From Zaragoza to Huesca, excellent highway. After that turn right and follow road signs to Barbastro (road N-240). After this town, follow road number N-123 (direction Graus) and turn left on road n. C-138 to El Grado and Aínsa. When you reach Aínsa turn right (road N-260) for some kilometers, until you get to the crossing marked (to your left) Arro/San Victorián. Keep going on this narrow road following the signs to Oncins and San Victorián. The southern route begins some five hundred meters before the abandoned monastery and is marked by a wooden panel showing a graphic of the climb. There is a nearby chapel with a water fountain by its side.
Hudebus is a company serving the line from Sabiñánigo to Aínsa and back (including stops at Torla and Broto, the villages placed closest to the National Park of Ordesa and Monte Perdido). Phone number 974213277 (in Huesca)
The nearest rail stations are the ones at Sabiñánigo and Barbastro. This means that a minimum of forty kilometers will stand between you and Aínsa from any of them. Additional transport will therefore be required (see "Bus access").
NEAREST MAJOR AIRPORTS:
Zaragoza / Barcelona (323 km)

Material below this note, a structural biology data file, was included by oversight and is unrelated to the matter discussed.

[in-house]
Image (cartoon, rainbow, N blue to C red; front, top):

The whole climb follows an excellent path, well marked by cairns in the moment (May 2004) of our climb.
Start walking from the road to San Victorián. The path begins by the very side of the wooden panel described before. For the first thirty minutes or so it will be a matter of uphill walking northwards, through bushes and some pine trees. Arrival on a small grassy meadow will mark the beginning of the real climb (see the views from this point
). Turn right (north) there, following the path through the forest. In no longer than five to ten minutes you will find yourself walking up a steeper slope. The same excellent path you have been following up to this point shall lead you across the rocky cliffs of the mountain, and will finally (about ninety minutes after leaving the car) take you up to the plain of Los Plans. Heading west from this point on, it will be about another sixty minutes before you get to the summit. The path shall lead you across the ravine of Canal Mayor. After crossing it, you will have two options. Most guidebooks speak about climbing north to reach the col where the Canal Ancha ends (see route
) and afterwards climb to the summit by the ridge. This might prove a little bit tricky for unexperienced climbers. Therefore, it seems more reasonable to keep walking west and walk to the summit by the long (and steep) slope coming south.
Views from the summit:
Northwest - Monte Perdido, Cilindro de Marboré, Soum de Ramond (Pico de Añisclo), La Munia
North - Bachimala
Northeast - Cotiella
No need for any special gear in dry sunny weather. Winter conditions might make it a little bit tricky, though. In such a case, consider seriously bringing crampons, ice axe and rope. Not that the route crosses any dangerous spots, but some of them could be quite impressive.